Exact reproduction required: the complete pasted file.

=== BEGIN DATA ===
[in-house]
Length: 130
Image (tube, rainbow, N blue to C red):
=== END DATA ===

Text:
[in-house]
Length: 130
Image (tube, rainbow, N blue to C red):